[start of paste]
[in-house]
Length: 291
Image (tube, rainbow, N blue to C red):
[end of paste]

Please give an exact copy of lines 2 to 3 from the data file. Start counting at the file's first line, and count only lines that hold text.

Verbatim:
Length: 291
Image (tube, rainbow, N blue to C red):